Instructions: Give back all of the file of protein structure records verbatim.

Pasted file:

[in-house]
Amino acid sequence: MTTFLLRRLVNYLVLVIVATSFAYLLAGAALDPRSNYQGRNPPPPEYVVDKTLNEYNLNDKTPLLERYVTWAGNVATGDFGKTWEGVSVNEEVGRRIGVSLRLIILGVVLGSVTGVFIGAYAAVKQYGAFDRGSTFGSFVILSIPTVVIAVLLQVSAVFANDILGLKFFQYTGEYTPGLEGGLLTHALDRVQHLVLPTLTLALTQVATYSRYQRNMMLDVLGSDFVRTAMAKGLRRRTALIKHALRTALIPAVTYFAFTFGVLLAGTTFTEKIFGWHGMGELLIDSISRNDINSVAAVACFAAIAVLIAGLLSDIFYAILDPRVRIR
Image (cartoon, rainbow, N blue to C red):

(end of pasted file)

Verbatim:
[in-house]
Amino acid sequence: MTTFLLRRLVNYLVLVIVATSFAYLLAGAALDPRSNYQGRNPPPPEYVVDKTLNEYNLNDKTPLLERYVTWAGNVATGDFGKTWEGVSVNEEVGRRIGVSLRLIILGVVLGSVTGVFIGAYAAVKQYGAFDRGSTFGSFVILSIPTVVIAVLLQVSAVFANDILGLKFFQYTGEYTPGLEGGLLTHALDRVQHLVLPTLTLALTQVATYSRYQRNMMLDVLGSDFVRTAMAKGLRRRTALIKHALRTALIPAVTYFAFTFGVLLAGTTFTEKIFGWHGMGELLIDSISRNDINSVAAVACFAAIAVLIAGLLSDIFYAILDPRVRIR
Image (cartoon, rainbow, N blue to C red):